Today, First Lady Michelle Obama and Secretary of Education Arne Duncan visited sophomores at Bell Multicultural High School in Washington, DC. The First Lady’s remarks continued to expand her focus on issues of youth empowerment and education, in particular working to achieve the President’s “North Star” Goal.
You see, when Barack came into office,” she said, “one of the very first things he did was to set what he calls a North Star goal for America – that by the year 2020, the year that you all will be graduating from college, our country will have the highest proportion of college graduates in the world.”
In her remarks, the First Lady spoke directly to young people about committing to their education so that they can create a better future for themselves, their communities, and their country. She also shared some of her personal academic experiences to illustrate her belief that circumstances do not define your future, but rather your attitude.
“My parents didn’t have much money, and they never went to college themselves, but they had an unwavering belief in the power of education, and they always pushed me and my brother to do whatever it took to succeed in school."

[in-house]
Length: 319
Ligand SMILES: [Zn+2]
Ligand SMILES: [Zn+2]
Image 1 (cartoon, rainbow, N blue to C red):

“I knew that the first thing I needed to do was to have the strongest academic record possible… so I worked hard to get the best grades that I possibly could in all my classes. I got involved in leadership opportunities in school, where I developed close relationships with teachers and administrators. I knew I needed to present very solid and thoughtful college applications… so I stayed up late at night working on my college essays and personal statements. I knew my parents would not be able to pay for all of my tuition… so I made sure I applied for financial aid on time. And when I encountered doubters…when people told me that I wasn’t going to cut it… I didn’t let that stop me."
After the First Lady’s remarks, she joined Secretary of Education, Arne Duncan for a conversation with sophomores, who represent the college class of 2020. BET moderators Jeff Johnson and Keshia Chante facilitated the discussion and encouraged students to discuss their goals and aspirations, challenges and concerns as they contemplate and prepare for higher education. The conversation was a listening session in which the First Lady and Secretary Duncan could hear first-hand the valuable perspective of these sophomores as they contemplate and prepare for higher education.
The First Lady and Secretary Duncan also shared a few resources to help students navigate the sometimes tricky college application process. They suggested exploring studentaid.gov to learn more about what it takes academically and financially to go to college. Other great resources include the College Scorecard and the Financial Aid Shopping Sheet , tools that provide students and families with easy-to-understand information about colleges and institutions of higher education. These tools help students choose schools that are well-suited to meet their needs, priced affordably, and consistent with their educational and career goals.